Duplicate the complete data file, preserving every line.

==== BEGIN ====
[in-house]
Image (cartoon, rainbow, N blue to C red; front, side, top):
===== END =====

[in-house]
Image (cartoon, rainbow, N blue to C red; front, side, top):